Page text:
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Grades & Properties of Wood Flooring —
Other Common Names and Related Species:
- Tarara Amarilla
Canarywood (or Tarara) is distributed throughout Bolivia, Panama, Paraguay, and Brazil.
Janka Hardness: 1860
Grades of Canarywood Flooring:
Clear grade Canarywood flooring is color-sorted for a rich orange, tan, and olive-green color with brown and black streaks. It is graded differently from most other species. Usually, color variation is sorted out; but with Canarywood, the color variations are most desired. Normally, lesser grades such as #1 Common Tarara refer to the instance of small milling defects, black streaks, or 1–3 foot shorter average lengths.
Canarywood Flooring Dimension Specifications:
All Canarywood flooring is milled in South America because it is more cost-effective to ship finished material than raw lumber. Lengths of the Canarywood flooring bundles are 7 feet so they can easily fit into 8-foot-wide steel shipping containers. All pre-milled products are tongue-&-groove and end-matched (tongue-&-grooved on the ends of the boards). Moisture content ranges from 6% to 8% for quick acclimation. The average length of the flooring pieces is usually about 3 feet and ranges from 1 to 7 feet. Almost all imported flooring that is found is in 7-foot bundles, with widths available from 2¼″ to 5″. Typically, if a long or wide plank floor is desired, raw lumber must be obtained and the flooring must be milled here in the United States. Typically, the lengths can develop up to 12 feet. However, the cost can be double that of the pre-milled stock because of waste and labor costs in the United States. Also, raw lumber is relatively expensive because it is taxed more heavily than finished products to support local economies in South America.
Canarywood is available in solid unfinished and prefinished solid for nail-down applications on wood and in engineered with a veneer top layer for application on concrete. Canarywood is uncommon in comparison with many Brazilian species such as Brazilian Cherry. There is a large amount of Canarywood in South America, and it is not endangered. However, less logging, stricter regulations, and a slower American economy have slightly limited commodities and caused slightly higher prices of this product in this country.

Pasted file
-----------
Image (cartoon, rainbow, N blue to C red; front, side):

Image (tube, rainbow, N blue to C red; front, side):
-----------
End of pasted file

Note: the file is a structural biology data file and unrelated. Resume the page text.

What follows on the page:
Finished Floor Appearance:
A Clear grade floor will have a busy striped appearance. Canarywood flooring color-darkens and mellows with sunlight to a tan and green color. Oil-based finishes allow Canarywood to age to a deep brown color, unless lacquer or de-waxed shellac is first applied to help preserve the pink color of the wood. Water-based finishes will preserve the natural color longer.
Flooring Durability and Stability:
Canarywood flooring is extremely durable and resists denting and traffic wear quite well. It is harder than some North American species because of its density and is relatively stable. Canarywood flooring is very heavy, weighing 3.5 pounds per square foot.
Workability of Canarywood Flooring:
Although extremely hard and tough, Tarara works with limited difficulty with both hand and power tools. When installing the Canarywood flooring, it is best to use a manual nailer, but staples and pneumatic nailers can be used. It holds screws well, and it glues, stains, and polishes to a very attractive finish. It can be somewhat difficult to sand with flooring equipment because of its hardness. Professional sanding and finishing is recommended. This wood is very resistant to decay and insects; these resistant properties may contribute to a possible allergic response to the dust. To avoid a possible allergic reaction to the material, wear a dust mask and long-sleeve shirt when working with Canarywood.
Principal Uses of Canarywood Flooring:
Tarara flooring is used in medium- and high-end residential and commercial applications for a dramatically elegant floor. It works well in rustic camps as well as in contemporary structures. There is no other floor that is similar.